“Spam is a waste of the receivers’ time, and, a waste of the sender’s optimism.” – Mokokoma Mokhonoana
Repeat after me, “Email marketing is not equal to spamming”. The less evolved mortals of our world strongly believe that email marketing is, in fact, just a fancy way of spamming. This notion leads to them having their shields up with a functionality called ‘Spam Filter’. Since we’re the breed of intelligent, informed, and downright mutant marketers, we want to do everything in our power to steer clear of spam filters. If Pardot is your preferred email marketing tool, here’s a quick take on the ‘know-how’ of avoiding spam filters. Read on!
Why is spam formidable for email marketers?
“Unsolicited bulk mail” is what spam is. Pardot is a stickler for the rules of the Permission Based Marketing Policy, it does not allow spam. The one thing email marketers fear the most is getting reported in the ‘spam complaint’ category – Abuse Reports. These are serious business as even a few abuse reports may get your IP address blocked, depriving you of sending emails, ever. The spam complaint limit is 0.1% or 1 per every thousand emails. Recipients can misconstrue even the valid, legitimate emails for spam depending on their timing, opt-in consent (online or in-person), or volume.
How to intercept erroneous abuse reports?
Here’s a checklist to stay on guard for, before sending out your email campaigns:
1. Consent: Since the dawn of GDPR, this is the biggest change in the lives of marketers. To stay on top of the email marketing game, ensure that you have a clear, explicit, unambiguous, and documented opt-in consent from the customer.
2. Mode of consent: In case you’ve received the opt-in consent from your customer over the phone, or in-person, send them a ‘thank you’ or confirmation email soon after that. This would serve the purpose of documentation too.
3. Timing: Send emails to your prospects soon after they opt-in. Don’t wait around too long because you’d then run the risk of them forgetting that they opted in to receive communication from you.
4. Frequency: A higher frequency isn’t necessarily better. The best time, day, and frequency of sending emails depends on your unique customer. You could ask the customers who have opted-in if they have a preference as to how often they’d wish to receive communication from you.
What are spam filters?
Spam filters scan emails like X-rays. They scrutinize your email content, sending reputation, and recipient engagement, before declaring them spam. These spam filters also probe further into your sending IP reputation and email authentication. An immaculate sending IP reputation is absolutely necessary. Pardot prides itself for its deliverability. Therefore, if your sending IP reputation isn’t great, it would have a negative impact on the deliverability of your emails. The most commonly accepted authentication standards are Sender Policy Framework (SPF), DomainKeys, and DomainKeys Identified Mail (DKIM). The intent of these standards is to separate the spammers and the phishers from legitimate marketers. All major spam filter providers and ISPs keep their radar active for these standards, before routing an email. Warming up your IP address over 2-6 weeks is extremely important and the magic spell is to not send out emails to every prospect in your database right at the get-go so that you successfully dodge a spam monitor red flag.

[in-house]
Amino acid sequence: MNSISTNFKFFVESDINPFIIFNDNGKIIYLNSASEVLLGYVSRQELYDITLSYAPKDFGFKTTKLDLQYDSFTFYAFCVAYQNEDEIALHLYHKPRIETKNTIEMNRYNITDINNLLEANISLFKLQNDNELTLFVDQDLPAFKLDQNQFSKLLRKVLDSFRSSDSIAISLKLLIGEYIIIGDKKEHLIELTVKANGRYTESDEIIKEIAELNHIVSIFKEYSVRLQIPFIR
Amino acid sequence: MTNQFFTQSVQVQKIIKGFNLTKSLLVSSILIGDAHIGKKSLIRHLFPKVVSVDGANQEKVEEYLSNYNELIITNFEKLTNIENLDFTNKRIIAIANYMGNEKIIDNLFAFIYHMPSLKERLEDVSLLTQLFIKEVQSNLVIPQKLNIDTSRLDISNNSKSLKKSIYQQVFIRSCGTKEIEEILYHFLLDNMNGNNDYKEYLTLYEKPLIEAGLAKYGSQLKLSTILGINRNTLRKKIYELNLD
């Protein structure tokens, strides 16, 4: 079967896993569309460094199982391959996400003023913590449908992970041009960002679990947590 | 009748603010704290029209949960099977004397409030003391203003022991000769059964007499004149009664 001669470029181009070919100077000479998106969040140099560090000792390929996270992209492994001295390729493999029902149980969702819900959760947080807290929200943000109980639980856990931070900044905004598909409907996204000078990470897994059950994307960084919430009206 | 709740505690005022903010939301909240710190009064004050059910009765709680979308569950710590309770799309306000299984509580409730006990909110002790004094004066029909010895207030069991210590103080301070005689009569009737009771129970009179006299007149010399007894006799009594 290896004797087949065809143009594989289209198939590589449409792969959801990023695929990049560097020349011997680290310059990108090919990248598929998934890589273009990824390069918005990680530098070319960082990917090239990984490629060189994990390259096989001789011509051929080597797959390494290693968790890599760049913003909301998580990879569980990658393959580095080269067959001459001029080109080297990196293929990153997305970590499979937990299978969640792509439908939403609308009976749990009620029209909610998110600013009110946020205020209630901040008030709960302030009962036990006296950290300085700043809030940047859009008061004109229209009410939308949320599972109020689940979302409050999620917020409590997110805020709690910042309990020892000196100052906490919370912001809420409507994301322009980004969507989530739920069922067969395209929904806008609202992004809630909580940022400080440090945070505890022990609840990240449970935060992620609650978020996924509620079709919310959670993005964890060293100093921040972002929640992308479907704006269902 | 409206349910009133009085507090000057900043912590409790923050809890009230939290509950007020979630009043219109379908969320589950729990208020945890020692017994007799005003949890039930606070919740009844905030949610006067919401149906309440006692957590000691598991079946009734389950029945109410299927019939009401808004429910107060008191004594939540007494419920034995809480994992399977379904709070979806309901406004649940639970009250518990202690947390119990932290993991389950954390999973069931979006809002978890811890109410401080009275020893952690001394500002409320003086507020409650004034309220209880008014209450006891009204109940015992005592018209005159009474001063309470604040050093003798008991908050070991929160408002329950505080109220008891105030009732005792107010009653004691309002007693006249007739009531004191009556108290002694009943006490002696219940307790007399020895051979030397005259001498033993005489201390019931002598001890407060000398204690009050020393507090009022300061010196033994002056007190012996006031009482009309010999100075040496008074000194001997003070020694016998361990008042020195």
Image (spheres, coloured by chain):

How to abstain from spam filters?
Here are 5 steps you must follow to forbear spam filters:
1. Clean Code: Pasting content from Microsoft Word pulls in style tags and other codes, making your email HTML slapdash and messy. Keep your code clean, or use the “Paste From Word” Button.
2. Limited Links: Shortened links and domains are blocked by many spam filters. Refrain from using URL shorteners and limit the number of different domains that you link.
3. Low Image-to-Text Ratio: A spam filter can be triggered if there are one too many images or the size of the image is too large in comparison to the text in an HTML email. There could be instances when your recipients are unable to view the images because some email clients block images by default. In such a case, use alt tags that describe your images.
4. Easy Opt-outs: If you’re using Pardot for email marketing, this is something you wouldn’t need to worry about because one of its many benefits is that it automatically includes an unsubscribe link on your marketing emails. Just ensure you include a physical address or an email preference center so as not to trigger a spam filter.
5. Hygienic Lead Set: Filters assume that your emails are spam if you continue sending emails to unengaged prospects. List Hygiene must be your top priority. Keep your lists squeaky clean by ensuring you have 100% opt-ins and by refreshing them from time to time, so they’re never categorized as stale lists.
Spam filters aren’t necessarily “all-evil”. They help you keep your email marketing practices sharp, clean, and flawless. The trick is to just find a way around them, and you really could see that perfect email deliverability isn’t just a state of mind. Don’t let terms like spam triggers, spam traps, and anti-spam laws, patronize you. Just trust Pardot and your own competence to deliver your best email campaigns to your recipients’ inbox, and you’d have email deliverability gold!
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